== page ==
sudo docker search rails NAME DESCRIPTION STARS OFFICIAL AUTOMATED rails Rails is an open-source web application fr... 692 [OK] bluebu/rails-alpine rails-alpine with different ruby version, ... 6 [OK] asux/rails Docker base image: Rails + Puma 5 [OK] dkubb/alpine-rails-nginx An Alpine Linux container for Rails applic... 3 [OK] bitnami/rails Bitnami Ruby on Rails Docker Image 3 [OK] instedd/nginx-rails nginx rails 3 [OK] toxix/debian-rails Debian based Ruby on Rails incl. imagemagi... 2 [OK] newsdev/rails The base Ruby image with additions to supp... 2 [OK] tenstartups/rails 2 [OK] zumbrunnen/rails Ruby on Rails image, using Passenger Stand... 2 [OK] ledermann/docker-rails Simple Rails application to demonstrate us... 1 [OK] citizensadvice/rails The Citizens Advice Ruby on Rails base image 1 [OK] mainlxc/nginx-rails nginx-rails 1 [OK] liulantao/rails Docker/Rails develop environment. 1 [OK] opensnp/rails opensnp.org 1 [OK] inklusive/rails Custom rails build 0 [OK] noonarai/rails-new for just running rails new 0 [OK] justincampbell/rails-compile Environment for compiling a Rails app (bun... 0 [OK] uniqrn/rails rails image bundled relating gems 0 [OK] fishisfast/rails Fishisfast rails image with nginx to serve... 0 [OK] convox/rails Convox base image for Ruby on Rails 0 [OK] bitnami/che-rails Bitnami Rails Docker Image for Eclipse Che 0 [OK] reqvu/rails Rails 0 [OK] krismichalski/docker-rails Ready to use Docker image for running Ruby... 0 [OK] fredym/rails Rails Docker Image 0 [OK]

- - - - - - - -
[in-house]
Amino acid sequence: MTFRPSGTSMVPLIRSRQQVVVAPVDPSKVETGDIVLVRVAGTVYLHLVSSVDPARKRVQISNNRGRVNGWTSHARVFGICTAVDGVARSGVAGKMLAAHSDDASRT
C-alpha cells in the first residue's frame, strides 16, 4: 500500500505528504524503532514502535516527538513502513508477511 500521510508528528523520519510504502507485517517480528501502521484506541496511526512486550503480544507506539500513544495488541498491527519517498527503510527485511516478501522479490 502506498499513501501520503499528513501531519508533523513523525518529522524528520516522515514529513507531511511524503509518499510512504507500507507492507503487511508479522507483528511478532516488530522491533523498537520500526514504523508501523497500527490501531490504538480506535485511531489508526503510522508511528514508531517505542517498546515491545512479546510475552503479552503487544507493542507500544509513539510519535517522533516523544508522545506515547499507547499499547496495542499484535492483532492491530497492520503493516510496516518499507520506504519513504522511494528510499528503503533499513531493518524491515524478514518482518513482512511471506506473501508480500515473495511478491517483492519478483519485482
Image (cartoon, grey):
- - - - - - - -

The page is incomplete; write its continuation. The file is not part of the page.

We are going to install the very first one.
sudo docker pull rails
Setup continuous integration
Assuming that you have a working installation of Gitlab, let’s go about setting up continuous integration with Gitlab and Gitlab-CI.
Install one or more runners